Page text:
The unnaturally warm weather prevailing in large parts of the country, with daytime temperatures hovering at around 20°C, could compromise the quality of some regions’ freshly-produced Greek extra virgin olive oil.
“The harvest has been delayed due to the weather conditions and the lack of workers,” said Yiorgos Kokkinos, a producer from Messenia in southern Peloponnese.
“However, the weather has not cooled off yet, and the existing high humidity helps the gloeosporium and the fruit fly thrive,” Kokkinos added. “All these have an impact on the quality of the olive oils, with the acidity levels ranging from 0.8 to 1 in the last few days. I see that high-quality olive oils are reducing, something that will eventually bring a rise in prices.”
Producers across the country are accustomed to colder weather this time of the year. This would have favored the olive harvest by keeping humidity levels low and preventing olive pests from emerging.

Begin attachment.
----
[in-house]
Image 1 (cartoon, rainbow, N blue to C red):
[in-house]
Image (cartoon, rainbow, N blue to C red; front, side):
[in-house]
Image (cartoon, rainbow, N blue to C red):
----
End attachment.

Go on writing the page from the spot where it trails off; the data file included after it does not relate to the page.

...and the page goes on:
“The fact that it is hot and it doesn’t rain is bad,” said Vagelis Protogerakis, the head of the producers association of Heraklion. “The fruit fly is present and causes some damage. I hope that the weather will change so that we have no further problems.”
Meteorologists expect colder weather to set in across the country no sooner than mid-January. For the time being, warmer days — with temperatures rising by a few degrees — are expected in southern Greece and many of the islands, including Crete, at the beginning of 2023.